The microbiome of the human body is currently one of the most popular areas of research. A significant portion of this research has focused on the gut microbiome and its role in various conditions including inflammatory bowel disease, irritable bowel syndrome, and colorectal cancer. As this type of emerging research continues to develop, the microbiome within other organ systems will undoubtedly begin to draw the same level of attention. One such area is the microbiome of prostatic fluid, namely in patients with elevated levels of prostate specific antigen (PSA) and prostate cancer (PrCa).

This type of research is still developing, but it has been postulated that an inflammatory environment within the prostate, which can be seen in chronic prostatitis and PrCa, could be secondary to or a potential primary cause of bacterial population modifications.1,2 The bacteria that have been previously implicated in prostate inflammation include Escherichia coli, Neisseria gonorrhoeae, Chlamydia trachomatis, Pseudomonas, Trichomonas vaginalis, and Propionibacterium acnes.1-3

Recently a research group led by Ma and colleagues from China published a study evaluating the microbiome of prostatic fluid in patients with elevated PSA.3 The authors evaluated the microbiome of prostatic fluid in 59 patients undergoing prostate biopsy for elevated PSA (> 4 ng/mL). The prostate fluid was collected directly before the patient underwent prostate biopsy. The prostatic fluid was then analyzed using 16S rRNA gene sequencing.

No patients had a history of a recent sexually transmitted disease, prostatitis, urinary tract infection, or antibiotic exposure for at least 4 weeks. After evaluating the prostate biopsies, 32 patients were found to have PrCA, with 27 patients in the non-PrCa group.

Based on results of the sequencing, patients diagnosed with PrCa were found to be more likely to have a lower microbial diversity compared with those without cancer. There were no unique bacterial species found in either group; therefore, some bacteria were associated with both cancer and noncancer diagnoses.

The bacteria found in both groups included Streptococcus, Carnobacterium, Oceanobacillus, Paenibacillus, Alkaliphilus, Cronobacter, Lactococcus, Enterococcus, and Bacillus amongst others. The following bacteria were found to be statistically significantly more commonly seen in the PrCa group: Enterobacter, Lactococcus, Carnobacterium, Streptococcus, and Geobacillus. On the contrary, the following bacteria were statistically significantly seen more in the noncancer group: Alkaliphilus, Cronobacter, and Paenibacillus.

Based on these data, the researchers developed a receiving operational curve (ROC) which found that by using the preceding 8 bacteria with statistically significant differences between groups, a microbiome analysis could potentially be used as a diagnostic test for PrCa. The area under the curve (AUC) was calculated at 0.72, which the authors suggested was an indication that it could have the microbiome could have a role in the diagnosis of PrCa.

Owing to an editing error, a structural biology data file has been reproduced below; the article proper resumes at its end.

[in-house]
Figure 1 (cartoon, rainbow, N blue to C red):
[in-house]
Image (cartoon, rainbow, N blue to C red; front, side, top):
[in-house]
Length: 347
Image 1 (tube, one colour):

There were several limitations to this study including the limited number of patients. The specific diagnoses of the patients who did not have cancer on biopsy were not included and would have been interesting to evaluate with respect to the microbiome. In addition, all of the patients were from a single center in China, therefore, the results may not be directly relatable to the patient population typically seen in the United States. It would have also been interesting to see if there were any further differences in the microbiome composition based on patient staging, response to therapy, or overall outcomes.

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This study raises several interesting points. If there truly are differences in the microbiome composure in patients with PrCa, future research could seek to alter the microbiome, either with dietary changes, antibiotics, probiotics/prebiotics, or even fecal transplantation to see if these changes could alter disease course. These types of studies would have to ensure long term follow-up in order to accurately track patients after an intervention. Additional research could also determine if there are certain bacterial species that could help aid in the diagnosis of PrCa, especially considering some of the recent controversies involving PSA.

References

  1. Cohen RJ, Shannon BA, McNeal JE, Shannon T, Garrett KL. Propionibacterium acnes associated with inflammation in radical prostatectomy specimens: a possible link to cancer evolution? J Urol. 2005;173(6):1969-1974.
  2. Cavarretta I, Ferrarese R, Cazzaniga W, et al. The microbiome of the prostate tumour microenvironment. Eur Urol. 2017;72(4):625-631.
  3. Ma X, Chi C, Fan L, et al. The microbiome of prostate fluid is associated with prostate cancer. Front Microbiol. 2019;10:1664.

This article originally appeared on Cancer Therapy Advisor